How to prevent Corns
Corns and the foot
No! We aren’t talking about corn that you eat, but more specifically, the little round spots that can sometimes present on the foot.
They are called ‘corns” as the stratum corneum which is the outer layer of the epidermis can become thickened from irregular pressure which leads to helomas.
There are two types of helomas; heloma molle (soft corns) and heloma durum (hard corns)
Heloma durum (hard corns) will look well-circumscribed and often have a central core that looks slightly darker than the surrounding skin (often more yellow). These are often quite painful and feel like you're walking on a stone.
Heloma molle (soft corns) are less common and usually found in between the toes where there is more moisture so the tissue becomes “macerated” (white). These can become infected so special care is required to remove these.
What causes the abnormal pressure leading to corns?
- Tight/poor fitting footwear or footwear which changes loads such as high heels
- Prominent metatarsal heads or bunions or joints
- Toes that press against each other
- Activities that put more pressure on areas of the foot (rock climbing for example), working from home barefoot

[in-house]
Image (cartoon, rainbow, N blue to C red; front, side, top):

- Barefoot on hard surfaces for extended periods of time
How do prevent and manage corns at home?
- Have shoes that are fitted to your feet- Bared, Active Feet, State of Solace, The running company, or the athlete's foot
- Wear cushioned footwear or even Archies/Birkenstocks if on feet for extended periods of time
- Regular filing with an emeryboard and moisturiser application
- We strongly recommend NOT to use medicated corn pads. These apply an acid-based treatment to the area and can cause scarring and make the issue worse.
How can a podiatrist help you?
- Can treat your corn quickly and painlessly
- Provide footwear advice
- Guidance on the management of your corn long term
Don't put up with foot pain from corns unnecessarily - we can help!
Written by Tristan MacHutchison